There is a designated dress code, and it was non-negotiable. It consists of black dress pants, a blue shirt with the Toros logo, and a necktie. It is the beginning of 5-S thinking and Standard Work of which many examples exist. Everyone knows that any violation of any of them has immediate consequences – such as not being allowed to play. One of the team sponsors was so impressed ‘with the class the team showed’ that they purchased identical hockey bags for every team member. When the Toros entered any arena in Ontario with their air of ‘respect for others’, there are nods of interest and respect from the bystanders who had yet to meet the players. “It is all about self-confidence and taking pride in yourself”, Wayne emphasized.
Wayne talks about the time he had the opportunity to take his young men to the practice site for the Toronto Maple Leafs. It would give them a glimpse of what it means to be a professional… and what the ‘future desired state’ might be for them as professional hockey players. They were indelibly influenced by what a professional workplace (the Leaf dressing room) looked like with not a piece of equipment out of place. The impact was lasting – and made real – when who should walk in but the Maple Leaf coach Pat Quinn to talk with them. That visual image was the beginning of their drive to replicate the professionalism of the ‘NHL workplace’ they saw. Visual management now became a big part of their life.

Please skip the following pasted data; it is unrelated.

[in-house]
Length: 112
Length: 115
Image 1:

Is our pursuit of 5S in our workplaces much different? Should it be? At any rate, it went a long way to getting these young individuals to begin to think of themselves as young professionals. Wayne reiterates this as he says “It’s all about learning life skills, it’s about helping young men to appreciate what’s involved in adopting sustainable attitudes that will serve them well in the future – whether in the workplace or on the ice.”
As team builders are well aware, the environment in which a team functions must be an extension of the team. For the Toros this meant putting a large bold logo on the door of the dressing room with the Toros name boldly displayed with the quotation below it reading: “If you are willing to sacrifice to win — come in. If not, go home.” A bit of tough love, perhaps, but it sure got the point across.